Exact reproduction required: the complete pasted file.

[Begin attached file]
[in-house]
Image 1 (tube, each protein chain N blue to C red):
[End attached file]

[in-house]
Image 1 (tube, each protein chain N blue to C red):